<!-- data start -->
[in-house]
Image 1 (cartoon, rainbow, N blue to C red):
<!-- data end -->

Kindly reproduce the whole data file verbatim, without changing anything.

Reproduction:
[in-house]
Image 1 (cartoon, rainbow, N blue to C red):